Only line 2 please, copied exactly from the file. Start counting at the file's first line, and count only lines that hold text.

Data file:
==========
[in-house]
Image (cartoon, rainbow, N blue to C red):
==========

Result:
Image (cartoon, rainbow, N blue to C red):